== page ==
Although it goes against my natural inclination to procrastinate, I am packed and ready for my trip to Mesa Verde National Park early tomorrow morning. I have actually spent months in preparation; researching the Ancient Puebloan people, purchasing and testing out needed gear, getting into condition and learning the basics of operating my new camera. I even drug my suitcase down from the closet and started packing a week ago. I thought I was done but I had to make a last minute trip to Cabela’s due my brother’s advice last week. As a seasoned outdoorsman and wilderness canoer, he advised me not to wear cotton jeans or underwear into the back country unless I wanted to “have yer crotch rubbed raw if it rains.” I am now in possession of a $60.00 pair of lightweight, water wicking, sun shading hiking pants. Hey, I take my crotch seriously.
http://suekingarts.com/wp-content/uploads/2013/09/IMG_0014-1.jpg 1024 765 Sue King http://220.127.116.11/~suekinga/wp-content/uploads/2017/06/SKA_Web_350px_BLK-1.png Sue King2013-09-01 01:19:002017-07-14 01:34:02Artist Residency Mesa Verde National Park: Personal Archaelogy
Bruce provided other sage advice on matters related to wilderness hiking. On the arid conditions found at the parks’s high altitude: “Drink lots of water. If yer not peein’, yer in trouble.” On managing dangerous wildlife: Rattlesnakes: “Just watch where yer walkin’ for Pete’s sake.” On Bears : “Make yourself as big as possible, wave your arms and shout, and for Cripe’s sake, don’t run.” On Mountain Lions: “It does’t really matter what you do, by the time you hear one they are already on you and going for the juggler. Yer dead meat.”
One of the most compelling reasons I applied to do a residency at Mesa Verde was to be able to study the ancient people who inhabited this amazing region a thousand or so years ago. They built their sandstone dwellings first on the mesa tops and later inside cliff overhangs perched high above the valley floor. In a way, I will be able to fulfill my childhood dream of becoming an archaeologist. Studying the artifacts of ancient peoples in an attempt to learn about their culture and drawing similarities between their human experiences and our own both fascinates me and resonates in my art work. As I was packing I got to thinking about my own personal archaeology.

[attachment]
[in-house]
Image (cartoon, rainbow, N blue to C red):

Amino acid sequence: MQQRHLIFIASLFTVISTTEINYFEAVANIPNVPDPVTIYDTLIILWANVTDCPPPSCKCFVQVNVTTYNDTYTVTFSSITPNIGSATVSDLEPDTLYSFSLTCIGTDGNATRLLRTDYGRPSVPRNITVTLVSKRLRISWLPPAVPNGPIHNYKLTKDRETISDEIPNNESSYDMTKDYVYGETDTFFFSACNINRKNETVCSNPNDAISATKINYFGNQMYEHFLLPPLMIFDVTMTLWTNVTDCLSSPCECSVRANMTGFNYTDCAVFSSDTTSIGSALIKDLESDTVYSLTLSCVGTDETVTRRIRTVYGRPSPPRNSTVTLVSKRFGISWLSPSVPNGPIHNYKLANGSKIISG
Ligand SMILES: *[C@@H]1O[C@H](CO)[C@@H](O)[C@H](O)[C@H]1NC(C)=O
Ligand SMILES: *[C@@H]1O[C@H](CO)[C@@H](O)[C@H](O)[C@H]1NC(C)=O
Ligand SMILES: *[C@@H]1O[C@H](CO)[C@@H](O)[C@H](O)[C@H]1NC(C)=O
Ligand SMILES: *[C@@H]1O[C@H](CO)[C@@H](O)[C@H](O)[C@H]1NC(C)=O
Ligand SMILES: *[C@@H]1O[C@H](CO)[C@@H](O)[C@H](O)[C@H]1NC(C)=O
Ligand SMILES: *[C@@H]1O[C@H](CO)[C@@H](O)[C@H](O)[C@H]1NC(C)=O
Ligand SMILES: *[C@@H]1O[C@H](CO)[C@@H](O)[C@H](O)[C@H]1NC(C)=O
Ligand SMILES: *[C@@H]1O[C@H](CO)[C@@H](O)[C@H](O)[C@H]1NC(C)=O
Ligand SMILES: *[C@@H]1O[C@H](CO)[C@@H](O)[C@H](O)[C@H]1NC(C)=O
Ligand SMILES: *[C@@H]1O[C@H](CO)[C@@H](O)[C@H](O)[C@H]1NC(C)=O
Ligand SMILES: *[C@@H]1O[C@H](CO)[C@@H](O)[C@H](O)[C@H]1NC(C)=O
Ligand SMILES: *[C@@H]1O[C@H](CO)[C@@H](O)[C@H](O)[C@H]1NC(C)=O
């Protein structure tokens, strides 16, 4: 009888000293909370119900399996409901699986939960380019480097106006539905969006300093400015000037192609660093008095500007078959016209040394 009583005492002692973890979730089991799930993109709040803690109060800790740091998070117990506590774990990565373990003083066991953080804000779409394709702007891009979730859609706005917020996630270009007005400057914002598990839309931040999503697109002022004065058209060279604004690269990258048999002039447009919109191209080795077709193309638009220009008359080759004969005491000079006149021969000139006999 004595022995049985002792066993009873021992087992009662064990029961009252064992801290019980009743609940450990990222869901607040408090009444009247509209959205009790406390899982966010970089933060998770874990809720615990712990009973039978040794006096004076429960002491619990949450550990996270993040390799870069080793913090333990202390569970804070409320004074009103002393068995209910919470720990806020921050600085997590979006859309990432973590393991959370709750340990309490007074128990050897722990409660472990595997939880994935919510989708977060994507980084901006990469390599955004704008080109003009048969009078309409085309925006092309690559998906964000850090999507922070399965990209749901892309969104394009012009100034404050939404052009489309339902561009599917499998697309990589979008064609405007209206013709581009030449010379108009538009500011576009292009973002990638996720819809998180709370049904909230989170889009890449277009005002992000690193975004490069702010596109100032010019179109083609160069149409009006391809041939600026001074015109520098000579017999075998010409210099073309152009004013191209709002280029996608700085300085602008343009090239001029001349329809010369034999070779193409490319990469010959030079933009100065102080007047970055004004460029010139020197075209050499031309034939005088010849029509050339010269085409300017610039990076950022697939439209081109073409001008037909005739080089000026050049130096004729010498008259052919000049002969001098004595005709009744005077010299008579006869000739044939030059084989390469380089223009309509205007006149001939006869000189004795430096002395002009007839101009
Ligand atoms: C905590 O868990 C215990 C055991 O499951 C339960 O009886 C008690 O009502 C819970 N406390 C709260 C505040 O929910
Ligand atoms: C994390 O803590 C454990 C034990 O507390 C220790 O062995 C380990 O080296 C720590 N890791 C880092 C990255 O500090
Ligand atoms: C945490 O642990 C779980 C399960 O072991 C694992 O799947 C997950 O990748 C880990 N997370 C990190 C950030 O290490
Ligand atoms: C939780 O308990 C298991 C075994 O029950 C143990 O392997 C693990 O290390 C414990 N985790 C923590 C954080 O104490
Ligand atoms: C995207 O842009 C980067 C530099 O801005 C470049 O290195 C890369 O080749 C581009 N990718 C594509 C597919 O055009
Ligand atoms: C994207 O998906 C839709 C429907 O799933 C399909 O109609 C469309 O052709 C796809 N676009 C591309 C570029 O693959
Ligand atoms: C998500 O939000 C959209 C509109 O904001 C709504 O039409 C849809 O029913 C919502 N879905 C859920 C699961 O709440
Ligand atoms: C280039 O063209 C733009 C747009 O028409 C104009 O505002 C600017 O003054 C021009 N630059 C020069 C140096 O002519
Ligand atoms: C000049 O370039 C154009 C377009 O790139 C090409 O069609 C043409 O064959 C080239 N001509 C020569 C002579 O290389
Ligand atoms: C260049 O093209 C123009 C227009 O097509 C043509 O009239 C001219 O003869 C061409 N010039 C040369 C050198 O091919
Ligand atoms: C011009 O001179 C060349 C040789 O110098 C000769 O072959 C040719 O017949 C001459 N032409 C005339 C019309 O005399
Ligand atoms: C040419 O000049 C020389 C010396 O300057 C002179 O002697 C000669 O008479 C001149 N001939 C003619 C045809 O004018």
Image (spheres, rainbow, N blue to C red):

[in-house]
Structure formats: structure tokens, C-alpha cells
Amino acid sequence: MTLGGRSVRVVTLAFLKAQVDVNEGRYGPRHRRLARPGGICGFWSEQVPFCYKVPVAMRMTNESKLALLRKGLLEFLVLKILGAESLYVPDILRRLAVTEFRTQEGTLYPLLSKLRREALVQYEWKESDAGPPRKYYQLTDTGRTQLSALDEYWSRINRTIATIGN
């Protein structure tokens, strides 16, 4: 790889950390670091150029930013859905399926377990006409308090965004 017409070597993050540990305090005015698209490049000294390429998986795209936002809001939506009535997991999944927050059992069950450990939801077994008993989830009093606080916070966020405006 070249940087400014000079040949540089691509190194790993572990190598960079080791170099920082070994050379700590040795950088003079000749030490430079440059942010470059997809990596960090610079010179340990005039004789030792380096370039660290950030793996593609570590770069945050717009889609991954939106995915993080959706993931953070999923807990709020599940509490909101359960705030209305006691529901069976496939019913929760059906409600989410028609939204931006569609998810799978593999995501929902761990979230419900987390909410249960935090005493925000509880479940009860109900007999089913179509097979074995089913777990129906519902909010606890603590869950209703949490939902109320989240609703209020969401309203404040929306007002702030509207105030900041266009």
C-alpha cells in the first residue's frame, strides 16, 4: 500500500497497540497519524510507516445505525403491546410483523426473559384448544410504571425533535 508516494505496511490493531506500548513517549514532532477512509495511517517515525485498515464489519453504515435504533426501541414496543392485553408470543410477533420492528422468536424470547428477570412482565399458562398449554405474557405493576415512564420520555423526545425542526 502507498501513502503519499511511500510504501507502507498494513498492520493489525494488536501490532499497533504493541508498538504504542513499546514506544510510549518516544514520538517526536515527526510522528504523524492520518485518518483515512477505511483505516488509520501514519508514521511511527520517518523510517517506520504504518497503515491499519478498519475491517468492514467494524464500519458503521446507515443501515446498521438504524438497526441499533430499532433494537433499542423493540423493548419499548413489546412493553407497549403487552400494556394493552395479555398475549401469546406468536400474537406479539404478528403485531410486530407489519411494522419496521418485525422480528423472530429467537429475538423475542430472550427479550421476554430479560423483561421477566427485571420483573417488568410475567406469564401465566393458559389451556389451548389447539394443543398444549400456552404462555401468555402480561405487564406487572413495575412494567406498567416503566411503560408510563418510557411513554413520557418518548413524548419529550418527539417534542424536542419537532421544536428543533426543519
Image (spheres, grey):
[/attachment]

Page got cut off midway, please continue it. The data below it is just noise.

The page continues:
A few years ago, when my Dad was living in a nursing home, my brother and I spent over a month cleaning out his home and out buildings, in short, unearthing the artifacts of our father’s life. We came across many items that made us put down our brooms and just reminisce about our childhoods. I will be taking two of these items along with me on my journey, my Mom’s binoculars and my Dad’s Audubon bird book. They remind me of all the times my family spent camping and hiking. Bird watching was just one of the things we did to pass the time in the many state and national parks we visited over the years.
In our family, the worst two words in the English language were; “I’m bored.” The automatic response was, “find something to do or I’ll find something for you.” So while we camped my brother and I read (well, I did), collected leaves, shells, moss, etc., played cards, had contests to see who could roast the biggest marshmallow, hung around with other camp kids and whittled sticks and soap animals. My dad kept his pocket knife razor sharp due to his personal philosophy that you were less likely to get cut if it was sharp. Only one kid ever severed an artery. We all enjoyed the diversion of ride to the local emergency room immensely. So, as I head west tomorrow, even though they are no longer with us, I’ll be thinking of my parents and how much they would have enjoyed this trip. I’ll watch a bird or two for you guys.
Stay tuned for more western adventures. Ahhhhhh…. The American Southwest, where everyday is a good hair day.